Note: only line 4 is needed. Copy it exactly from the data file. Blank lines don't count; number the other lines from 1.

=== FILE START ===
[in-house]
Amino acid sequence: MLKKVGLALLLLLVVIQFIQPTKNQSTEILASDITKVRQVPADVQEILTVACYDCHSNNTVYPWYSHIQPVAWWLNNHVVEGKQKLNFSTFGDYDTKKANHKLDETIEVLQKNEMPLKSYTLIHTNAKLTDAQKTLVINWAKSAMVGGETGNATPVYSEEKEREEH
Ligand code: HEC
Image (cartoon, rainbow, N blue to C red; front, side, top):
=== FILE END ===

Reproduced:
Image (cartoon, rainbow, N blue to C red; front, side, top):